VOL. 128 | NO. 148 | Wednesday, July 31, 2013
Waiting for Takeoff
By Jennifer Johnson Backer
A never-before-used economic incentive program designed to lure new air service to Memphis International Airport may have its first customer.
An economic incentive program designed to lure a new carrier to Memphis International Airport could be working just in time, as Delta has drastically reduced flights in and out of the city and has moved to dehub the airport.
(Daily News File/Kyle Kurlick)
Memphis-Shelby County Airport Authority officials moved swiftly to approve a measure that will bolster financial incentives offered to commercial airlines offering flights at least four days a week to new cities not served today by the airlines.
The measure was approved at a special Airport Authority meeting Tuesday, July 30, about two weeks before the next regularly scheduled board of commissioners monthly meeting.
While airport officials declined to identify the potential air carrier, Jack Sammons, board chairman, on July 25, told the Memphis Business Journal the Airport Authority has what he called “a hot prospect” that wants to start service at Memphis International. He told the paper the authority would like to close the deal as soon as possible.
“We have been in conversation pretty much with all of the airlines you would expect us to be – Frontier, JetBlue, Allegiant Air, Virgin America – you name it,” said Scott Brockman, executive vice president and chief operating officer of the Memphis-Shelby County Airport Authority. “If they are a domestic airline flying in this country, then we have talked to them.”
Brockman also declined to name any specific air carrier.
The $1 million air service development program to lure new carriers to Memphis International Airport was first approved last spring but has never been used since it began last July.
The original incentive program required new or competing routes to be flown five days a week, while the newer version of the program requires airlines to offer new flights at least four days per week for at least 12 months.
Brockman said the Airport Authority carefully studied other air service development incentive programs, and found that most programs require air carriers to fly to new cities four or five days per week – though some airports don’t have any minimum requirement and tier the incentives by how many days the air carrier flies.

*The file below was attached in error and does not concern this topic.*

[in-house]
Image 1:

An airline that opts into the incentive program must offer service to a city they don’t currently serve. For instance, an airline that currently serves Chicago can’t add another flight to Chicago four days a week to take advantage of the program, Brockman said. “They can’t bob in and out of this thing,” he said. “The key is we are looking for sustainable, low-cost or low-fare competitive air service. If it’s not sustainable, then it doesn’t do the airline or the community any good.”
Airport officials have been aggressively courting new airline carriers as Delta Air Lines Inc. has moved to slash the number of flights it operates to and from Memphis International Airport. The airline also announced it will remove Memphis International’s hub status and eliminate more than 200 jobs. The cuts begin Sept. 3, at the close of the busy summer travel season.
Beginning this fall, Delta will offer 60 flights per day out of Memphis, down from a peak of 240 flights per day out of Memphis in June 2009.
Network airlines have shifted from a strategy focused on operating as many flights as possible in an attempt to gain market share, to filling airplane seats and building more efficient networks. That shift has reversed low profit margins and losses, at the expense of service options and routes at most U.S. airports, including Memphis.
While Southwest Airlines Co. announced in early May it will enter the Memphis market Nov. 3 with daily nonstop service to five cities, the new service still pales in comparison to the number of flights operated in and out of Memphis International at its peak.
The Dallas-based discount air carrier is adding two new daily flights from Memphis to Houston and Tampa. The two new flights are in addition to previously announced flights from Southwest’s AirTran subsidiary to Baltimore, Chicago and Orlando that begin Aug. 11. Those flights also will operate under the Southwest brand beginning Nov. 3.
“Even Southwest, who is normally not prone to using incentive programs, has asked what we are doing,” Brockman said. “Though the fact that someone asks what we are doing doesn’t necessarily indicate they are going to use the program. They want to know what their competition may do.”